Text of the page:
|Title||Hurricane damage to a flood plain forest in the Luquillo Mountains of Puerto Rico|
|Publication Type||Journal Article|
|Year of Publication||1991|
|Authors||Frangi, JL, Lugo, AE|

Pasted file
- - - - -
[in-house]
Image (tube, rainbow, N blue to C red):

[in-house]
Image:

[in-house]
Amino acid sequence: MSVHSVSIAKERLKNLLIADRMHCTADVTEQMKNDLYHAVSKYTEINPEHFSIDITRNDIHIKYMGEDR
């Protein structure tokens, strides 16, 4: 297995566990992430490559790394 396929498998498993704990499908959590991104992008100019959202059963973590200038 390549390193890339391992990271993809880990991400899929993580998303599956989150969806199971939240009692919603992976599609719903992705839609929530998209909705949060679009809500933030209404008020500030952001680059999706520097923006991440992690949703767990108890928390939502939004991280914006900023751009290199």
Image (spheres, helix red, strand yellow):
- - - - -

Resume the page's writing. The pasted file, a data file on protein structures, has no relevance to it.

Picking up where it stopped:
Hurricane Hugo caused low to moderate damage to a flood plain forest that was partially protected by its topographic position. Treefalls and the location of damage suggested N to NW wind direction during the storm. Thirty percent of the trees, or 693 trees/ha, had some damage and 84 percent of the damage was to the canopy Most of the damage to trees was caused by direct wind impact (83%) as opposed to secondary effects (16%). Over 80 percent of the snapped, leaning, and uprooted trees were dicotyledonous. Tree mortality was only 1 percent, and most of the damage to the sierra palm Prestoea montana (R. Grah.) Nichols was loss of leaves. Rapid refoliation, epicormic branching, adventitious root production, resprouting, and regeneration from seed in open areas were observed nine months after the event. Ten percent of the aboveground biomass and 12-16 percent of the nutrient stocks (N, P, K, Ca, Mg) were transferred to the forest floor, mostly in the form of woody biomass and nutrient-rich leaves. Palm leaves were the dominant leaf component of necromass. Instantaneous in situ fine and coarse necromass production was 10 and 9.2 Mg/ha, respectively. Net changes in aboveground mass, N, P, K, Ca, and Mg (in percent of prehurricane value) were 8, 3, 0, 3, 12, and 1, respectively, in spite of a high rate of loss by export. The source of additional mass and nutrients were boles from upland forests that fell into and remained inside the flood plain.